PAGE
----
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February 19, 2020, 14:42:23 pm


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Author Topic: Sorry, not _exactly_ machining, but related  (Read 243 times)
lloydsp
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« on: February 09, 2020, 03:37:22 am »

As some of you may know, I'm in the business of designing and making mechanical components and designing/testing new pyrotechnic formulae for fireworks companies in the USA.

This evening, a friend of mine, Mr. Jim Widmann of Connecticut launched the WORLD's RECORD largest fireworks shell ever built!  It functioned properly.

It was 62" in diameter, and weighed over 2790 lb.

Jim and I work out tool designs together occasionally.

Wow!

Lloyd
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Bubba
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« Reply #1 on: February 09, 2020, 12:12:02 pm »

It was 62" in diameter, and weighed over 2790 lb.
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Bob La Londe
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^ 8.5 pounds on my own hand poured bait.


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« Reply #2 on: February 10, 2020, 19:56:05 pm »

Mortar or rocket? 
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lloydsp
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« Reply #3 on: February 10, 2020, 21:43:37 pm »

Bob... I'm going to correct you (politely, I hope! <grin>).

The 'mortar' is the tube from which a 'shell' is fired.  Same in the military.  'Mortar rounds' go in mortars to be fired.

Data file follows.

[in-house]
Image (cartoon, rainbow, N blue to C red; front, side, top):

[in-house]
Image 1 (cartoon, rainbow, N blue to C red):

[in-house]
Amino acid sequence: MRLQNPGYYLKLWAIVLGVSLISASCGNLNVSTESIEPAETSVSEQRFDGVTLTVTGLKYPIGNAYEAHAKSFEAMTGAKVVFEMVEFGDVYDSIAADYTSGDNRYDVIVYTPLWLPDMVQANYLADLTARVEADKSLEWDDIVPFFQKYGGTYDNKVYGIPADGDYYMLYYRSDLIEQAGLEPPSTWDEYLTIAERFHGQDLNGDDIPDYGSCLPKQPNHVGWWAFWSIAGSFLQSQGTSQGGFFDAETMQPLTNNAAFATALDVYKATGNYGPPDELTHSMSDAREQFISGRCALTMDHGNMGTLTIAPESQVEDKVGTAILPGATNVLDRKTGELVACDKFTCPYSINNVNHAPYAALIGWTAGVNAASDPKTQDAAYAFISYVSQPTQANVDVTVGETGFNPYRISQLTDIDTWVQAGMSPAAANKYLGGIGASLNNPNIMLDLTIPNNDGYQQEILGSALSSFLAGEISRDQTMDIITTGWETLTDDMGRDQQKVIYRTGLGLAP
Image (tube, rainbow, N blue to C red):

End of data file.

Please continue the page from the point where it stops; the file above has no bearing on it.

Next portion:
The shell was 58+ inches in diameter, and fired from a 62" mortar.  It took almost 15 seconds to reach apogee.  In fireworking jargon, we usually declare the mortar's size to be the shell size.

The shell weighed-in at 2797 lb.  The steel mortar from which it was fired weighs a bit more than 7 tons.

Lloyd
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Garyhlucas
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« Reply #4 on: February 11, 2020, 04:39:18 am »

How high did it go?
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Dragonfly
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« Reply #5 on: February 11, 2020, 09:05:35 am »

Saw it in the news last night. Absolutely spectacular!
And I said to my family: "I know a man who's in that business over there."  Smiley  Wink
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BR52
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« Reply #6 on: February 11, 2020, 12:09:15 pm »

Hi Lloyd,

Is that it!
https://www.skylighter.com/blogs/how-to-make-fireworks/aerial-shells

Or show a drawing of the object.

   Armando
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lloydsp
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« Reply #7 on: February 11, 2020, 12:59:36 pm »

Armando,
That's an old article by a personal friend (Ned Gorski) about how to make aerial shells (in general).

The shells he shows are at most 300mm in diameter.  The one that shot Saturday night was 1500 mm (1.5 M, yes!) in diameter!!!

Here are three 'stills' of the actual shell:
https://www.facebook.com/photo.php?fbid=3705591179465981&set=pcb.3705591619465937&type=3&theater

Lloyd
« Last Edit: February 11, 2020, 13:06:38 pm by lloydsp » Logged

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Bob La Londe
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« Reply #8 on: February 12, 2020, 00:10:35 am »

To be fair... to me... I wasn't asking if it was a mortar or a rocket.  I was asking which delivery system. 

Posting with my thumbs from my phone I tend to abbreviate a bit. 
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Getting started on CNC?  In or passing through my area?
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lloydsp
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« Reply #9 on: February 12, 2020, 13:15:38 pm »

Ok...

It was definitely fired from a mortar.  It would require a fairly large rocket booster to lift nearly 3000lb of payload plus its own weight!

Lloyd
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